According to the study Lifting the Barriers to E-Commerce in ASEAN, released today by top management consulting firm A.T. Kearney, the online retail market in Thailand has growth potential of $12-15 billion, compared to its present size of slightly less than $1 billion.

“Currently, only about or less than 1 percent or so of total retail sales in Thailand happen online, compared to more than 7 percent of all retail sales in Europe and China,” said Geir

Olsen, head of A.T. Kearney’s Consumer Industries and Retail Practice in APAC and co- author of the study.

“So there is huge untapped potential for e-commerce in Thailand, but only if it overcomes five significant barriers that stand in its way.”

The firm believes that there are distinct actions that Thailand can take to surmount each barrier and pave the way for sustained growth:

1. Increase broadband access

Only seven of every 100 Thais have fixed broadband access, while just 51 of every 100 Thais have a mobile broadband subscription. In addition, the average connection speed clearly lags behind other countries.

Thailand has started to tackle the connectivity issue by introducing 4G wireless broadband services, and several more steps can support e-commerce growth, according to Soon Ghee Chua, managing director of A.T. Kearney’s Southeast Asia Unit and co-author of the study. “Implementation of the government’s plans for a national broadband network that gives access to all Thais will help solve infrastructure issues,” he said.

“Raising online awareness is another key challenge, because rural populations and older generations are reluctant to use the Internet and need additional guidance,” he added.

2. Support local offers

Although a few local champions have emerged, consumers appear to be more attracted to offers from foreign players that do not necessarily have a local footprint. In Thailand, large foreign players such as Amazon and e-Bay already have gained popularity.

“In order to encourage local companies to participate in the online-trend, the awareness for e-commerce market places should be promoted.”, says Olivier Gergele, Principal with A.T. Kearney’s Consumer Industries and Retail Practice.

“E-Commerce market places are aneffective and efficient way for local SMEs to sell online – without the need for significant financial investments or digital-savvy talent”, he explains.

3. Reinforce online security

Sixty-two percent of online shoppers in Thailand are reluctant to give their credit card information online. Despite efforts to coordinate e-commerce legislation across ASEAN,Thailand’s regulations concerning privacy, content, and domain names are insufficient.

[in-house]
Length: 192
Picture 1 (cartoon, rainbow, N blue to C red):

“Several steps can help Thailand going forward, including improved sharing of information and regulatory best practices among ASEAN countries, the harmonization of legislative frameworks, and the creation of a regional online dispute resolution facility,” Gergele said.

4. Promote e-payment

In Thailand, as in most ASEAN 6 countries, a significant portion of payments for onlineretail is still made offline, with methods such as cash-on-delivery. The cumbersome “know your customer” processes that e-retailers contend with to comply with anti-money launderingregulations for cross-border transactions hinder the growth of e-commerce.

The Thai government can lift this barrier by leading efforts to promote non-cash transactions and establishing e-payment-specific regulations that work with those at the ASEAN level.

5. Improve logistics and trade efficiency

Several factors create challenges between trade and logistics in Thailand. Only 25 percent of digital buyers in the country received free delivery in 2013, and last-mile delivery has not been consistently reliable.

Yet, compared to other ASEAN countries, Thailand has a good transportation infrastructure and has been increasing its warehousing capacity to sustain its overall economic growth. Furthermore, the country’s protective trade policies, including high duty and taxes (for a $100 dress purchased from another ASEAN country, a Thai customer would pay another $39 in duty and taxes) hold Thailand back.

Encouraging partnerships between e-retailers and logistics players can help overcome these challenges.

The benefits of e-commerce development go beyond direct economic impact. “Retail e- commerce can be a vehicle for economic development, social cohesion, and cultural exchanges contributing to regional integration,” Olsen said.

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